Recap: Syracuse 65 Michigan 68

Syracuse falls to 5-2 in encouraging yet disappointing loss at Michigan.

The Syracuse defense dominated early and did enough late, but turnovers cost the Orange a chance at an impressive road win in Ann Arbor against the nationally ranked Michigan Wolverines. Syracuse rallied from a 10-point second half deficit to tie the game in the final minute. After a Spike Albrecht three, Michael Gbinije hit as he was driving the lane. Then chaos ensued.

With less than 20-seconds remaining, Syracuse got exactly what they wanted. Michigan missed the front-end of the one-and-one. Chris McCullough grabbed the rebound and the Orange looked to be in position for a game winning bucket. But he threw the ball out of bounds and turned it over.

There was still plenty of time for Syracuse to foul and hope for more of the same. And that's exactly what happened. After a missed free-throw, McCullough snagged another rebound and passed to Kaleb Joseph. Joseph drove the lane, lost the ball and turned it over again. Two turnovers in the final 20-seconds trailing by just one without a single shot being attempted. Maddening for Orange fans. Expected from true freshmen.

The Wolverines would hit their next two-free throws and a Joseph three at the buzzer fell short. Syracuse lost 68-65 to a very good Michigan team, but this game was very winnable.

Syracuse out-shot Michigan Tuesday night, 50% to 38.5%, but attempted 17 fewer shots. That was due in part to Syracuse's 19 turnovers (compared to just 7 for Michigan), and allowing 17 Wolverine offensive rebounds. The Orange shot a better percentage from beyond the arc, 35.3% to 33.3%, led by Trevor Cooney's 4-9 effort. He finished with a team-high 16 points.

Rakeem Christmas and Chris McCullough were very good inside. They combined to shoot 12-17 from the floor, scoring 25 points and grabbing 18 rebounds. Both had foul trouble but played through it.

WHAT WE LIKED: The Syracuse zone was good and forced a lot of bad shots. They did not give a lot of open looks from the outside, and helped dictate tempo as a result. The offense looked better at times, when they were taking care of the ball. Syracuse showed signs of life from the outside behind Cooney and Joseph. The Orange was not rattled by a hostile environment and even were able to rally from a 10-point deficit late to give themselves a chance to win. All very encouraging signs for the rest of the season.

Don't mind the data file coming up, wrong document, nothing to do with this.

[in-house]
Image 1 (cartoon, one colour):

WHAT WE DIDN'T LIKE: Too many turnovers, especially late in the game. Kaleb Joseph was too chaotic on his drive when he lost the ball with less than 10 seconds left down by only a point. McCullough cannot throw the ball away on the previous possession either. Nineteen turnovers in a three point game is going to leave Syracuse feeling like they let one get away. Combine that with allowing 17 offensive rebounds, and it is see why the Orange lost despite playing well enough to pull it out.

KEY MOMENT: Trailing 66-65 with 18 seconds left, Derrick Walton went to the charity stripe. He missed the front-end of the one-and-one, and freshman Chris McCullough grabbed the rebound. Kaleb Joseph and Michael Gbinije were to his left. Gbinije starting running up the floor while Joseph tried to stay behind to get the ball and take it up court. McCullough threw the ball between both of them and directly out of bounds. Seconds later, in a similar situation, McCullough found Joseph in what was still a one point game. Joseph drove to the right baseline, picked up his dribble, pivoted and lost the ball. Michigan would go on to hit their free-throws and pull off the three-point victory.

STATS OF THE DAY: Syracuse was -12 in turnover differential, -7 in offensive rebound differential and -17 in shot attempt differential.

UP NEXT: Syracuse faces St. John's at 5:15pm in the Carrier Dome. The Red Storm are 5-1 on the season, with their only loss coming to #9 Gonzaga in a closely contested neutral court matchup. St. John's is led by senior guard D'Angelo Harrison, who is averaging 17.8 points, 9.2 rebounds and 2.2 assists per game. Fellow guard Rysheed Jordan is coming into his own as a sophomore at 17.6 points, 5.2 boards and 3.4 dimes per outing.


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